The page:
JCC starting SPREE program for single parents
Single Parents Reaching Education to Employment (SPREE), an initiative made possible through the Empire State Poverty Initiative (ESPRI) and the WNY Women’s Foundation, is under way at Jamestown Community College’s Jamestown Campus.
SPREE, a program based on the WNY Women’s Foundation’s MOMs: From Education to Employment model, assists students who are single parents by helping them develop skills and credentials that can lead to family sustaining employment or transfer to a four-year school.
The SPREE program will serve up to 100 students through the spring 2019 semester. Funding to support 50 single mothers is provided through the WNY Women’s Foundation, while ESPRI funds up to 50 other single parents from the city of Jamestown.
SPREE achievement coach Courtney Reardon and project navigator Linda DeJoseph will help students stay on track to complete their academic program by providing strategic support through peer-to-peer mentoring, financial literacy guidance, career exploration services, and more.
According to Eileen Goodling, JCC’s vice president of student development, “It is not uncommon at JCC to have students who have great capacity to achieve and succeed academically but who find that external factors such as inadequate child care, food insecurity, transportation, or housing become barriers to their college success.
“The SPREE program will be in place to offer resources and support to single parents from the region with the goal of assisting these parents to reach sustainable employment,” added Dr. Goodling, noting the program model, developed by the WNY Women’s Foundation in 2013, has been implemented at Niagara County Community College and Erie Community College through funding from the foundation.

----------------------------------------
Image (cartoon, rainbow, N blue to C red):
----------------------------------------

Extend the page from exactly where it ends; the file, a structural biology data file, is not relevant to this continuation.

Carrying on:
“The programs have yielded very positive results,” noted Dr. Goodling, “and we anticipate the same transformative outcomes at JCC and are excited to be working toward that end.”
According to the Jamestown Poverty Reduction Initiative Needs Assessment, children in non-poverty households achieve better outcomes related to academic performance and physical, mental, and emotional health than do children in poverty.
JCC will partner with other local service providers to provide support for tutoring, financial aid and career counseling, transportation, childcare, job placement assistance, soft skills training, books, emergency, and basic needs.